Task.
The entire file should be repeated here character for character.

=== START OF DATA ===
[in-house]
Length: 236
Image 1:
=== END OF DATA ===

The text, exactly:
[in-house]
Length: 236
Image 1: